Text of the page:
Why, indeed? When the ACA was drafted, the hospital lobby argued that hospitals would be taking a big reduction in Medicare reimbursements under the ACA, and the pharmaceutical lobby argued that the pharmaceutical companies were also taking cuts under the ACA, and both lobbies agreed that the medical device companies should share in the pain of either higher taxes or lower reimbursements. Common wisdom held that the increase in numbers of insured patients would offset both the higher taxes and lower reimbursements. The medical device companies argued that it was unfair to tax their sales; they should be taxed on their profits. I guess that’s why many of these extremely profitable medical device companies are moving their headquarters overseas — to avoid paying these taxes on their profits! But the question for us citizens remains… why does both the left and the right side of the political spectrum want to remove this tax, thereby increasing the net cost to the government of the ACA?
Did you realize there are more than 7,000 medical device companies in the United States? A large number of these companies are located in New York, Massachusetts, Minnesota and California. Medtronic, one of the largest medical device makers in the country, is currently based in Minnesota – at least until it completes its move to Ireland by the end of 2015 — and both of its Democratic senators are strongly against the tax. Boston Scientific, based in Massachusetts, has the support of Senator Elizabeth Warren. John Kerry, then-Senator from Massachusetts, negotiated the device maker tax down from the proposed 4.6% to its current 2.3%. And Chuck Schumer, the Democratic Senator from New York who was for the ACA before he was against it, see here, is also in favor of repealing the device tax.
Are you seeing a trend here? Do you see how the Senators from states with large medical device companies who generally are pro-Obamacare are anti-medical device tax? Over each of the last five years, medical device companies have spent more than $30 million on lobbying. Evan Bayh, a former US Senator from Indiana, is now employed by a medical device maker and lobbies hard for this repeal. See here. The medical device companies have no shortage of money to pass out to Senators and Representatives of both parties to get their special interests looked after. See here for a listing of the companies and how much they spent on lobbying and political donations. The medical device companies are equal opportunity power purchasers. They are more than happy to buy the votes of Democrats and Republicans alike. These companies argue that the tax will hurt profits and make them cut employees, but two years after implementation, the Congressional Research Service found no dire effects. See the complete report here, but this is a summary statement:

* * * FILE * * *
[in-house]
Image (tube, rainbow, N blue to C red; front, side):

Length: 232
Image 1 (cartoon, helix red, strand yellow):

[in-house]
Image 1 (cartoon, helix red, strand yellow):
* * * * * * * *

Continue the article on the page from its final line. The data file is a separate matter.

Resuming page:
Opponents of the tax claim that the medical device tax could have significant, negative consequences for the U.S. medical device industry and on jobs. The estimates in this report suggest fairly minor effects, with output and employment in the industry falling by no more than two-tenths of 1%. This limited effect is due to the small tax rate, the exemption of approximately half of output, and the relatively insensitive demand for health services.
If this part of the funding for the ACA is repealed, I predict there will be plenty of other special interest groups that will demand that their contribution to the ACA be repealed, as well.
So just a couple of closing thoughts: How excited would the general public get about a medical device company tax of 2.3%? Why are Senators — other than the ones who are stridently opposed to all taxes — in such an outrage at this tax? Why will we most likely see this relatively small tax repealed in 2015? The answers, while disturbing, are simple. Senators and Representatives, regardless of their parties, are easily bought by special interest groups. Even the new hero of the left — Elizabeth Warren – isn’t immune to such financial pressure. And the American public is too easily swayed by the political pundits on their respectively biased media. This is a sad commentary on our political process and how, over and over again, money talks, louder than anything else in the room.